“Can't you see
It all makes perfect sense
Expressed in dollars and cents
Pounds shillings and pence
Can't you see
It all makes perfect sense…”
—Roger Waters, Perfect Sense II
This last week it was in, Beatrice allowed the Mama to try and extract it with floss, and while it moved and bled, the front tooth did not come out. And then the morning I was away on a work trip, the tooth did come out while Bea drank her milk. She beamed proudly with her toothless smile during our FaceTime call together.
The next morning after I had come home, the girls were buzzing over the previous night's Fairy visit.
"Beatrice, where's your tooth?" I asked.
"I left it for the tooth fairy."
"What did you get?"
"I got a bag with two gold coins."
"Where are they?"
"One's in my bed and one's in Bryce's bed."
"Yes Daddy -- I got one, too!" exclaimed Bryce.
"Of course. Bryce, you'll loose some teeth soon enough, you know."
Bryce thought about that for a moment, then added, "Well, when I loose my teeth, I'm going to wait until I have three so I can get a big bag of gold coins."
Of course. When you run the numbers, even at one dollar per tooth, that's twenty dollars after all the baby teeth fall from grace, which isn't too shabby for a seven-year-old. We can make that go a long way at CVS.
However, I'm not even sure why we continue to perpetuate the Tooth Fairy mythos, giving money to children for losing body parts. There is pain and fear experienced and associated with losing one's baby teeth, so I get that maybe there's comfort in believing in a sweet fairy who visits in the middle of the night and gives money for the lost tooth is a reward for surviving that pain and fear. Especially if the tooth is in good shape without cavities or decay.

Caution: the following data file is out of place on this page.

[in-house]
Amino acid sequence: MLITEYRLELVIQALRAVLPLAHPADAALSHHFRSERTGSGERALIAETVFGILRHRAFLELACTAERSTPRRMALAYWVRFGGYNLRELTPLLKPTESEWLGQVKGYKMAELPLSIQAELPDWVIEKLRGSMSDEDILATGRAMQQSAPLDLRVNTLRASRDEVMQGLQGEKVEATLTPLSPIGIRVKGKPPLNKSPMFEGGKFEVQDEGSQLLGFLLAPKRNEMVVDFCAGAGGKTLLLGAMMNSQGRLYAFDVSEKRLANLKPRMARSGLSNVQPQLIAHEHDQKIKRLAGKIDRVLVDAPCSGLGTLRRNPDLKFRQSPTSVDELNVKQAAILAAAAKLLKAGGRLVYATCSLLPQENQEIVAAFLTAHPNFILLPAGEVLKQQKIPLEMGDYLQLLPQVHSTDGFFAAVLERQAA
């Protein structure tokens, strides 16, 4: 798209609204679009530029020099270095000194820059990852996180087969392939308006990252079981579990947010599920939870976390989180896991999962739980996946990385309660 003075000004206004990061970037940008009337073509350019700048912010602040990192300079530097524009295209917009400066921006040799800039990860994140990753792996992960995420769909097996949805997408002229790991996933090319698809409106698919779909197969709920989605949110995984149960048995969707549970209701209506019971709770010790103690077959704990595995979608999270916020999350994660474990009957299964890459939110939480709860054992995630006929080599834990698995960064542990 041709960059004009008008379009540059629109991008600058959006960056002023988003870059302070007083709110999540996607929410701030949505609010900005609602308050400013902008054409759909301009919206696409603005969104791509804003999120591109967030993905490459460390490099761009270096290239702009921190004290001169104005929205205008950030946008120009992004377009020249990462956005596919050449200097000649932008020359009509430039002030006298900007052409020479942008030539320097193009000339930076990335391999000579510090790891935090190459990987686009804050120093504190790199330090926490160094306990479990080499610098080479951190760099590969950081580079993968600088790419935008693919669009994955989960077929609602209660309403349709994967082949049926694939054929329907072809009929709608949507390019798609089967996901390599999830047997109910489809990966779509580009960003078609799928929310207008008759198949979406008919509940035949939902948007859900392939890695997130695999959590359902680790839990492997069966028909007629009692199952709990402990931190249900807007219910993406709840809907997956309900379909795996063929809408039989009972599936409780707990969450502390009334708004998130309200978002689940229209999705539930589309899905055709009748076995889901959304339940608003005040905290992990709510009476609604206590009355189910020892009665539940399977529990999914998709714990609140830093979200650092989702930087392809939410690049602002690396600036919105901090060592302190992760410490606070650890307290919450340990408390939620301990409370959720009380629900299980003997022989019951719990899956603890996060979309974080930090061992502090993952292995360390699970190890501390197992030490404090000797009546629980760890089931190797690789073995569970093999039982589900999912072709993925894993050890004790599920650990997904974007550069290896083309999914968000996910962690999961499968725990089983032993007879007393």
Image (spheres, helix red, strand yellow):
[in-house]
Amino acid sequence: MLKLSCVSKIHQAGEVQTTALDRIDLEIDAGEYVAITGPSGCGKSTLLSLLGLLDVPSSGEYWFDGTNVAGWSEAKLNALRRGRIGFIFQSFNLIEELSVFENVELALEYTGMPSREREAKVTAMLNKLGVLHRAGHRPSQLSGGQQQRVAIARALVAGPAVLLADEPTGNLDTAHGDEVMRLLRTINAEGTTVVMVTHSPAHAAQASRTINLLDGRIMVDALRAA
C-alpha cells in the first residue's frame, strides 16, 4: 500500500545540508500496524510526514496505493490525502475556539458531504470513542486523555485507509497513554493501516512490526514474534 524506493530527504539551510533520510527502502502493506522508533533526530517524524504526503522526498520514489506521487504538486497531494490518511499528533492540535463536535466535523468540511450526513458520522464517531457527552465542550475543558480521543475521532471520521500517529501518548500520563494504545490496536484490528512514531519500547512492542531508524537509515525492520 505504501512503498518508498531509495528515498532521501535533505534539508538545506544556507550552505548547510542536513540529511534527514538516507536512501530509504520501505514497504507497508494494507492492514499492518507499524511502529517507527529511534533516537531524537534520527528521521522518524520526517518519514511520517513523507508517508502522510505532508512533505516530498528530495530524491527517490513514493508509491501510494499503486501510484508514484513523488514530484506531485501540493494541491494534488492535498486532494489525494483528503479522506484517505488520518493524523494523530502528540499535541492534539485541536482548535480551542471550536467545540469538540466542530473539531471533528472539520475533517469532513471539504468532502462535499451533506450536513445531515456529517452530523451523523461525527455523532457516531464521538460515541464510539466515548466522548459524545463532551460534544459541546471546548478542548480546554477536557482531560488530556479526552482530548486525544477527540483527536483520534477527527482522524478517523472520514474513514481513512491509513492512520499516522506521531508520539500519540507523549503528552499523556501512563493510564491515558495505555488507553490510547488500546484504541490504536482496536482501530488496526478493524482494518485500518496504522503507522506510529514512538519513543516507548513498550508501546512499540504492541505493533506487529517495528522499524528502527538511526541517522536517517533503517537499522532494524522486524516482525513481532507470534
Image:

But still. It's a little bit of a disturbing rite of "economic value" passage, isn't it?
I'm not suggesting that we don't do it; the Mama and I received that sweet milk enamel money as well growing up and couldn't wait to put those teeth under our pillows. Although the exchange rate at that time 25 cents per tooth, not a dollar. That's a 300-percent increase in exchange rate (at least the one we honor). Not a bad return over time. And we certainly didn't get a bonus dollar for being a sibling either. Bryce certainly knows how to work the system. And we let her, of course. She just may have a bright Wall Street future.
Either way, from Wall Street to Main Street, we can all get kicked in the adulthood teeth enough worrying about how we're going to stretch a dollar into two, so no harm no foul with a little Tooth Fairy Lidocaine Love.